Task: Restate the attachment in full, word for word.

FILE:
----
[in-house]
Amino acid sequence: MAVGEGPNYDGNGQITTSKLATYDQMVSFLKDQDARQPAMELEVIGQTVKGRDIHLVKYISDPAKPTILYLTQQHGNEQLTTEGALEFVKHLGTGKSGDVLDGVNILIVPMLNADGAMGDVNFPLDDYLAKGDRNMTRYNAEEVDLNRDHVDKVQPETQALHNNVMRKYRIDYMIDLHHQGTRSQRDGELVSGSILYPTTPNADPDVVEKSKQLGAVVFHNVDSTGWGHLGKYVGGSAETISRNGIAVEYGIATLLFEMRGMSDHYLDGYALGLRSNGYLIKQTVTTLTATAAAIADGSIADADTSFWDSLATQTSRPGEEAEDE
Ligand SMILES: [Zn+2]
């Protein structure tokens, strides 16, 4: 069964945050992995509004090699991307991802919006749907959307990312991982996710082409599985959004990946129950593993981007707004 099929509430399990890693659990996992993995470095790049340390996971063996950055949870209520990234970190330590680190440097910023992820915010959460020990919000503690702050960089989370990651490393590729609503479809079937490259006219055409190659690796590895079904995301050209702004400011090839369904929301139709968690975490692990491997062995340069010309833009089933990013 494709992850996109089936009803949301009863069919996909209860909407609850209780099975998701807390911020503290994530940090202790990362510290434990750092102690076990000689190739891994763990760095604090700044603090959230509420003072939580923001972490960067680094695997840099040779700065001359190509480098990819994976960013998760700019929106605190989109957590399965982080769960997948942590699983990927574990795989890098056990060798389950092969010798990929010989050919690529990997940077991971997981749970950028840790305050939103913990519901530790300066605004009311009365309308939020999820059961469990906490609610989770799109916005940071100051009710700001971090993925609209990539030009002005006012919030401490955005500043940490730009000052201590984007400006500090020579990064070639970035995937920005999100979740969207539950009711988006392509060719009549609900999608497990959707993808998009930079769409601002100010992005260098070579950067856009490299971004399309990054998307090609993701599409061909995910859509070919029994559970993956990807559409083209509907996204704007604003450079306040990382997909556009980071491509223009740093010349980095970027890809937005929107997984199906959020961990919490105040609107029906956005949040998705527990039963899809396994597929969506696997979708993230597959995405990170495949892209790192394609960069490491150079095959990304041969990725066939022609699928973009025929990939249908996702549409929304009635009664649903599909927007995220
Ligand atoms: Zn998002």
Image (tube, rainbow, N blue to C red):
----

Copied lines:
[in-house]
Amino acid sequence: MAVGEGPNYDGNGQITTSKLATYDQMVSFLKDQDARQPAMELEVIGQTVKGRDIHLVKYISDPAKPTILYLTQQHGNEQLTTEGALEFVKHLGTGKSGDVLDGVNILIVPMLNADGAMGDVNFPLDDYLAKGDRNMTRYNAEEVDLNRDHVDKVQPETQALHNNVMRKYRIDYMIDLHHQGTRSQRDGELVSGSILYPTTPNADPDVVEKSKQLGAVVFHNVDSTGWGHLGKYVGGSAETISRNGIAVEYGIATLLFEMRGMSDHYLDGYALGLRSNGYLIKQTVTTLTATAAAIADGSIADADTSFWDSLATQTSRPGEEAEDE
Ligand SMILES: [Zn+2]
């Protein structure tokens, strides 16, 4: 069964945050992995509004090699991307991802919006749907959307990312991982996710082409599985959004990946129950593993981007707004 099929509430399990890693659990996992993995470095790049340390996971063996950055949870209520990234970190330590680190440097910023992820915010959460020990919000503690702050960089989370990651490393590729609503479809079937490259006219055409190659690796590895079904995301050209702004400011090839369904929301139709968690975490692990491997062995340069010309833009089933990013 494709992850996109089936009803949301009863069919996909209860909407609850209780099975998701807390911020503290994530940090202790990362510290434990750092102690076990000689190739891994763990760095604090700044603090959230509420003072939580923001972490960067680094695997840099040779700065001359190509480098990819994976960013998760700019929106605190989109957590399965982080769960997948942590699983990927574990795989890098056990060798389950092969010798990929010989050919690529990997940077991971997981749970950028840790305050939103913990519901530790300066605004009311009365309308939020999820059961469990906490609610989770799109916005940071100051009710700001971090993925609209990539030009002005006012919030401490955005500043940490730009000052201590984007400006500090020579990064070639970035995937920005999100979740969207539950009711988006392509060719009549609900999608497990959707993808998009930079769409601002100010992005260098070579950067856009490299971004399309990054998307090609993701599409061909995910859509070919029994559970993956990807559409083209509907996204704007604003450079306040990382997909556009980071491509223009740093010349980095970027890809937005929107997984199906959020961990919490105040609107029906956005949040998705527990039963899809396994597929969506696997979708993230597959995405990170495949892209790192394609960069490491150079095959990304041969990725066939022609699928973009025929990939249908996702549409929304009635009664649903599909927007995220
Ligand atoms: Zn998002």
Image (tube, rainbow, N blue to C red):